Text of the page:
Gazan injured in February border clashes said to succumb to injuries
Palestinian media reports say 22-year-old hit in the head with tear gas canister; suspicious object tied to cluster of balloons found in Eshkol region
A Palestinian man wounded by Israeli security forces in clashes along the Gaza border last month succumbed to his injuries on Monday, the enclave’s health ministry said.
Bassem Osman Safi, 22, died from his wounds after being injured during a weekly border protest east of Khan Younis on February 22, ministry spokesman Ashraf al-Qudra said on Twitter.
Reports in Palestinian media said Safi was hit in the head with a tear gas canister.
The restive Gaza border has seen increasingly intense bouts of violence in recent days, with Israel carrying out airstrikes in response to explosives tied to balloons launched from the Palestinian territory.
Amid the heightened tensions, the southern town of Netivot planned to test its air raid sirens at 10:05 on Monday morning. Residents of the area were told that in the case of an actual attack the alarm system would sound twice.
Also on Monday, a suspicious object tied to a cluster of balloons was found in the Eshkol region in southern Israel. A day earlier, Israeli jets bombed Hamas targets in Gaza after Palestinian terrorists in Gaza fired a mortar shell at Eshkol.
The army said the early-morning strikes were in response to the mortar attack the previous night, as well as “continuing terror activities from the Strip, including balloon explosives and causing harm to security infrastructure in the last several days.”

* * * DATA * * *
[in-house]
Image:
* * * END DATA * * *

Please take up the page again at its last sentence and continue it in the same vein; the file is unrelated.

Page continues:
As tensions between the sides continue to simmer, Gazans have also been launching balloon-borne bombs at Israel and firing small arms across the border, along with holding near-daily protests and riots at the fence, in which fire bombs are thrown at troops and Palestinians attempt to damage the barriers, according to the army.
Israel has carried out perfunctory air raids after each balloon or mortar attack, usually hitting empty military posts maintained by the Hamas terror group, which is the de facto ruler in the Strip.
The uptick of violence comes after several months of relative calm thanks to a hard-won ceasefire brokered by Egypt. Egypt and other mediators have been working intensively in recent weeks to broker a new ceasefire agreement between the two sides, but thus far to no avail.
On Sunday, Prime Minister Benjamin Netanyahu warned Hamas that Israel would not hesitate to launch a large-scale military operation in Gaza, vowing his government would do whatever necessary to restore calm to southern communities.
At the start to the weekly cabinet meeting, Netanyahu warned Hamas that it should not assume that Israel would not respond to the recent attacks because of Israel’s approaching elections.
“I heard people from Gaza saying that since we are in an election campaign a wide-ranging operation is out of the question,” he said. “I suggest to Hamas – don’t count on it. We will do everything necessary to restore security and quiet to the area adjacent to the Gaza Strip and to the south in general.”
Judah Ari Gross contributed to this report.